Stage Six was—finally—a completely uneventful stage. The weather was perfect, the route was basic—pan-flat with a long straight finish—and everyone cooperated to ride a normal sprint stage.
The expected breakaway was reeled in at the expected time, and the sprint went to the winningest sprinter in the peloton.
The Breakaway, the Catch, the Sprint
Two riders, Cameron Wurf of Cannondale, and Jack Bobridge of Blanco got away 15 km into the stage, but the peloton didn’t let them get much of a gap. This year’s Giro doesn’t have many real sprint stages—most of the “sprint” stages have some serious climbs—so on this completely flat stage, the sprinters’ teams are absolutely fixated on fighting it out at the finish.
Omega Pharma-Quickstep and Francais des Jeux did most of the pace-setting, keeping the gap around three minutes—too long for a rider to bridge across but short enough to shut down easily.
The middle of the race didn’t offer much action. Even the intermediate sprints weren’t hotly contested—Cannondale’s Elia Viviani won both, but no other team really set up a leadout.
Some interest was generated when a trio of riders went the wrong way around a traffic island and ended up on the wrong side of a divided highway. The road was lined with four-and-a-half foot guardrails, so climbing over would be a huge loss of time. This group rode on for several minutes next to the peloton, waiting for a break in the barrier.
Things got a little serious at the feed zone—the riders on the wrong side of the road couldn’t get their musettes. The some oncoming traffic appeared, and the riders on the wrong side decided to get off and climb.
It worked out, as the peloton slowed almost to a walk in the feed zone—the misdirected riders didn’t lose much.
The peloton caught the break 36.5 km from the finish—a bit early, as it would seem to invite counterattacks. Possibly the peloton wanted to take care of the break before entering the finishing town of Margherita di Savoia, where the route circled twice around a 16-km lap.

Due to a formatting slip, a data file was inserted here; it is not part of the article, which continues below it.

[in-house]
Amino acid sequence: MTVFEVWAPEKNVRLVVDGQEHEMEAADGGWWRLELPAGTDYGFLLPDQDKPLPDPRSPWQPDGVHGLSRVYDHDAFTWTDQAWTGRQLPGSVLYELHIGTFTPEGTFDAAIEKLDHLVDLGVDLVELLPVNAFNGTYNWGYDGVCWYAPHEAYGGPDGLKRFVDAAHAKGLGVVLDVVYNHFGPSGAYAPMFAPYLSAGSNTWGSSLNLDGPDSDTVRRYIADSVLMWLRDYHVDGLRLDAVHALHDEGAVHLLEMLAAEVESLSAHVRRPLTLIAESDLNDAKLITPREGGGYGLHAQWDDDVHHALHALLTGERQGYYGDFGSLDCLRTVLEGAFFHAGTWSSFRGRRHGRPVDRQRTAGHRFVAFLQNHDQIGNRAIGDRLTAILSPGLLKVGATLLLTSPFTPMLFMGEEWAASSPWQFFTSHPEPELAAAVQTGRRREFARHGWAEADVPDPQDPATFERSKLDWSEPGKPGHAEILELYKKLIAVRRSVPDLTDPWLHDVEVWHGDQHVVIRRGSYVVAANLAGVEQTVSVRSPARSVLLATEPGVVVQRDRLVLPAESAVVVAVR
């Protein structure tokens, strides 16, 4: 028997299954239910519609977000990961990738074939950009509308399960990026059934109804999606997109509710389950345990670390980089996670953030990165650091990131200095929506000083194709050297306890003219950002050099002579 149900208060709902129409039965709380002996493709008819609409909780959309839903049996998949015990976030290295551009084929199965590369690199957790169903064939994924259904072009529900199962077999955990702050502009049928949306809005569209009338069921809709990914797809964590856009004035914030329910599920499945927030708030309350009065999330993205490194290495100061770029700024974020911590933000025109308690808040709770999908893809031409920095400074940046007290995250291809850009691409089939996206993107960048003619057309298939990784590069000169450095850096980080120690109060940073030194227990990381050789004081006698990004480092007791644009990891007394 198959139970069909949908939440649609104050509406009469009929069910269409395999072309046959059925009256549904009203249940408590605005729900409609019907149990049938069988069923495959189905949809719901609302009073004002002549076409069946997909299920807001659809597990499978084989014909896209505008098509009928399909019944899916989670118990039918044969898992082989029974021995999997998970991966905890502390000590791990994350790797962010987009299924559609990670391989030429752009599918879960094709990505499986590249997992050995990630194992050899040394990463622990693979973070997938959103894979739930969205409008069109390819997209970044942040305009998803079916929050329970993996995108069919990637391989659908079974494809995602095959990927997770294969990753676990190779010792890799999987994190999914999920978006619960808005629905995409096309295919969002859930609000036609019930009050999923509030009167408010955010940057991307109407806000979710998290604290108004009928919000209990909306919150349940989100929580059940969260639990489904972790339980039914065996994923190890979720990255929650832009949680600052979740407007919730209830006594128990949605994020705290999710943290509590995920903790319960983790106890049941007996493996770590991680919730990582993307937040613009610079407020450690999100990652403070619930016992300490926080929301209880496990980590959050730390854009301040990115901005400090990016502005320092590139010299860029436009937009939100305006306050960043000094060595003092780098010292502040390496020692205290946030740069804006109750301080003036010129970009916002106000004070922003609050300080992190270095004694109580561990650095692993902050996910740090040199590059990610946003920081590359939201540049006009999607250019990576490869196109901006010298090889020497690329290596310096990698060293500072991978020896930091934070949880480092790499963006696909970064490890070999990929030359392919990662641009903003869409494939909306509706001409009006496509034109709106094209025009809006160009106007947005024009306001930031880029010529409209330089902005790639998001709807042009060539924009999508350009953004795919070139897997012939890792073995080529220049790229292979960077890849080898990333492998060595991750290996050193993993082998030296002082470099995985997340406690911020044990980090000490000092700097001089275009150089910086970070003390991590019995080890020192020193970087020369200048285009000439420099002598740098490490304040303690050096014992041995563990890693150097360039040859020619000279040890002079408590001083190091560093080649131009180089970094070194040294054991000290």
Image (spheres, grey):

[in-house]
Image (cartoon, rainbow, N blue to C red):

That turned out to be a wise decision: a crash in the first third of the peloton blocked the road and split the peloton.
Three quarters of the peloton were stuck behind the tangle of riders and bikes. Some of the GC contenders including Bradley Wiggins, who had dropped back for a mechanical adjustment, were held up.
Katusha took the front and slowed the pace to let stalled riders catch up—Sporting decency dictates that riders who weren’t held up, not take unfair advantage. Further, almost every team had riders hung up. Pushing on at a high pace might have benefited a very few riders but most teams had either a sprinter or a GC contender stuck behind the blockage. If good sportsmanship didn’t convince some riders to ease the pace, race tactics did.
Bradley Wiggins’ Sky team organized the chase back to the peloton. Once the chase was well under way, Omega and FDJ resumed the head of the peloton and proceeded at a more normal pace.